Natural Remedies: Mesquite

In South Central Texas, weeks before the official start of spring, leaves began to emerge  on the mesquite trees (Prosopis glandulosa var. glandulosa). Here in Texas brush country, this small tree is a ubiquitous presence in parks, yards, and along roadsides. Its cream-colored flower spikes grow up to 3 inches long, and its pods remain closed even after ripening. But did you know that this legume is a traditional medicinal plant?

Mesquite tree leaves, flowers, pods, and bark have medicinal properties

Here are some of the traditional uses for mesquite leaves, flowers, pods, and barks…watch those thorns!

Digestive remedy–Prepare a tea from the powdered leaves or pods for an astringent, antibacterial ulcer remedy. Good for intestinal upset as well.

Disinfectant wash–Prepare a decoction from any part of the tree. Strain and cool the decoction and use as an eye wash as needed.

Soothe sore throats–A mucilaginous gum oozes from wounds or scars in the tree bark. Collect the gum, rinse it, and dissolve it in warm water. One or 2 teaspoons of this mixture every hour as needed.

Who knew? So many plants, trees, and herbs that we take for granted have hidden benefits. Generations ago, these gifts were received and put to good use. Let’s continue to learn and share this priceless knowledge.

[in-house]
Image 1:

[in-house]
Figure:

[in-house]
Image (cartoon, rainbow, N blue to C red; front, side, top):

Blessings to you!


4 Replies to “Natural Remedies: Mesquite”

  1. This is so cool. Have you ever used the tree for any of this? It seems like it would hard to make. It’s too bad that commercial medicine has taken over. I’m not going to say that it’s all bad, because Claritin and Sudafed are dreams when you can’t breathe, but I sometimes wonder if the herbal methods are healthier for you. There seems to be this really huge push for organic ways of doing things these days. It’s tough to decide whether or not natural remedies are best versus modern medicine, or if they’re both just as good as each other. I, personally, think that both are necessary for today’s age. I guess it just depends on your preference.

  2. Thanks for reading and commenting, Lauren. I have never used mesquite, mostly because it’s very rarely found in stores, and I haven’t lived in this area very long. Maybe I’ll try preparing my own sometime. I prefer natural remedies and organics,, but I don’t take an all-or-nothing approach. I think that all health systems have something to offer. There are some wonderful homeopathic allergy meds, but I always have a packet of Claritin on hand, lol! Thanks again for stopping by! 🙂

  3. Knowing about the plants that grow in your local area and how to use them to treat various ailments is really useful. I’ve done some foraging for food in my local area, but my experience is limiting. I only pick plants to eat that I’m absolutely sure about. Most of these plants have medicinal uses too. I really like using organic and home remedies whenever I can.

    1. That’s an important point, Heather–to be absolutely sure of a wild plant before you use it. Plants are a treasure trove of health benefits, but some can be extremely poisonous. Thanks for visiting and commenting on my blog!

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